To reduce stratospheric ozone depletion.
Do not use chlorofluorocarbon (CFC)-based refrigerants in heating, ventilating, air-conditioning, and refrigeration (HVAC&R) systems unless a third-party audit shows that system replacement or conversion is not economically feasible or unless a phase-out plan for CFC-based refrigerants is in place.
The replacement or conversion of HVAC&R equipment is considered not economically feasible if the simple payback of the replacement or conversion is greater than 10 years. Perform the following economic analysis:
|Simple payback =||Cost of replacement or conversion||> 10|
|Resulting annual energy cost difference||+||Resulting annual maintenance and refrigerant cost difference|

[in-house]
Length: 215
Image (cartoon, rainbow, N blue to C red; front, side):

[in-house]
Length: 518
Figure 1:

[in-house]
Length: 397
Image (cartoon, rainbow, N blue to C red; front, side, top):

If CFC-based refrigerants are maintained in the building, reduce annual leakage to 5% or less using the procedures in the Clean Air Act, Title VI, Rule 608, governing refrigerant management and reporting (or a local equivalent for projects outside the U.S.), and reduce the total leakage over the remaining life of the unit to less than 30% of its refrigerant charge.
Small HVAC&R units (defined as containing less than 0.5 pound (225 grams) of refrigerant), standard refrigerators, small water coolers, and any other cooling equipment that contains less than 0.5 pound (225 grams) of refrigerant are exempt.